New York DFS: The Commercial Financing Disclosure Requirement is HappeningSeptember 21, 2021
New York State’s financial regulator announced that the commercial financing disclosure law is moving forward as planned for the Jan 1, 2022 deadline.
To prepare those that will be subject to it, Acting Superintendent Adrienne A. Harris released a copy of proposed regulations that will be open to comment for 60 days.
Its length, 45 pages, demonstrates the complexity that compliance will require. Anyone involved in commercial or small business financing should take the careful time to read it.
“The Department of Financial Services will then review all received comments and issue a final regulation,” the announcement says.
New York’s New GovernorAugust 10, 2021
Now that Governor Cuomo is leaving office early, the Lieutenant Governor, Kathleen Hochul, will become his replacement. This detail is relevant given that New York’s landmark legislation (SB 5470) for the small business finance industry is slated to go into effect on January 1st.
Hochul served as Erie County Clerk and as a member of Congress. She’s also long been an advocate of small business.
While running on Cuomo’s ticket in 2018 for Lieutenant Governor, she criticized her opponent in a controversial campaign ad by saying that he couldn’t be trusted to manage the state budget because he had defaulted on a small business loan.
SB 5470 is expected to be so restrictive, that at least one small business finance provider has already fled the state.
Double Dipped: What’s Next For New York’s Small Business ‘Truth in Lending’ ActJanuary 11, 2021
Last year, when the Small Business ‘Truth in the Lending’ bill came through the New York State Senate Banking Committee, Senator George M. Borrello said he and other members went to work. Their job: to write a version everyone would like, which fell apart when the bill passed in July and it was signed into law just before Christmas.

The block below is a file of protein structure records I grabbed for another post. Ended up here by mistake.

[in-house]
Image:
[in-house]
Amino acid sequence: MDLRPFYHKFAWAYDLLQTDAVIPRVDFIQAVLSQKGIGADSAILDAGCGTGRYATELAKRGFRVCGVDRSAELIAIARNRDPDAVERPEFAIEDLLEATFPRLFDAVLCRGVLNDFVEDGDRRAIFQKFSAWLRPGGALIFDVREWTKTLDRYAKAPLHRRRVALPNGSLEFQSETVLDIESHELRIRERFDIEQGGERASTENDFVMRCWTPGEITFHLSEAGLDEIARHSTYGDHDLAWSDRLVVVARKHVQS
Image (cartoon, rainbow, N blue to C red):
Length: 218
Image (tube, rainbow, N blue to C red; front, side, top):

“I’m a small business owner myself, but I also come from local government, and in local government, the committee is where the work gets done,” Borrello said. “We had the opportunity to fix this in committee. By the time it got to the floor, the governor basically reversed all the things I presented that were flaws, and he signed it.”
That’s the story of how S5470B came to be in Albany. Instead of ironing out the kinks in committee, Borrello said he watched as the bill with all its problems passed over the summer. There was a process to clean it up afterwards to make it suitable for Governor Andrew Cuomo’s signature, since it’s said that even he himself had expressed reservations about the language. But then he signed the original version and all the edits were discarded.
Politics are suspected to have played a role in that.
“When the governor finds something is flawed, he usually vetoes and sends it back,” Borrello said. “It concerns me that there is an underlying political angle that has nothing to do with the Truth in Lending.”
Steve Denis, the executive director of the Small Business Finance Association, said that he doesn’t think that the signed bill that is up on the state senate website will be the final version.
“It is so poorly drafted that even companies that support the bill have liability and will be the first to get sued,” Denis said. “The SBFA will be a lot more aggressive; the legislature has a lot to work on in the next session. It has been a wake-up call, unifying the industry. We will be more aggressive to create a more favorable version.”